CHARITY ROBEY PHOTO Mike Scheibel is retiring as chairman of the Deer & tick Committee and as natural resources manager at Mashomack Preserve effective May 4.
Deer & Tick Committee members paid tribute to their leader, Mike Scheibel, who chaired his final meeting on May 2. He is among those who established the committee 13 years ago.
Mr. Scheibel is also retiring from his job as natural resources manager at Mashomack Preserve. (more…)
JULIE LANE PHOTO
Animal Control Officer Beau Payne, right, shared updated deer hunt statistics with members of the Deer & Tick Committee, including committee member Dr. Jim Bevilacqua at left.
The Deer & Tick Committee has declared the pilot Nuisance Wildlife Control Officers (NWCO) program a success and it’s expected to be expanded in 2019.
The program uses specially licensed local hunters who are paid for their efforts based on the number of deer they butcher. (more…)
COURTESY TOWN OF SHELTER ISLAND A chart of results from the Deer & Tick survey released last October.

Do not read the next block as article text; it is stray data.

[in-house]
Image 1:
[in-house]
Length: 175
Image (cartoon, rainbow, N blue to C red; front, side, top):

For the second month in a row, members of the Deer & Tick Committee tried to answer a question: Should Animal Control Officer Beau Payne spend part of his work hours hunting, especially during the February-March so-called “nuisance hunt” permit season? (more…)
CHARITY ROBEY PHOTO Mike Scheibel announced his retirement as natural resources manager at Mashomack Preserve effective May 4.
Deer & Tick Committee Chairman Mike Scheibel will retire from his position as natural resources manager at Mashomack Preserve effective May 4, coinciding with his resignation from the committee.
Mr. Scheibel made the announcement, which has been rumored for some time, at the end of the February 7 committee meeting, telling members he regrets not being able to see the process of conquering the Island’s tick problem resolved, although he’s pleased with progress made to date. (more…)
CHARITY ROBEY PHOTO Tom Damiani, Mashomack’s visitor center coordinator, on December 30, when he counted birds as the sun set, and several inches of snow came down.
In 1904, Roy Latham, a farmer and amateur naturalist, counted the birds he could see on his property in Orient from 10 a.m. to 2 p.m. on a 16-degree day with heavy snow in a strong Northeast wind.
It was the first Orient Christmas Bird Count. On December 30, in weather only slightly less daunting than what Latham endured, the Orient bird count took place again, as it has every year, an annual holiday tradition older than Santa Claus but requiring a similar outfit. (more…)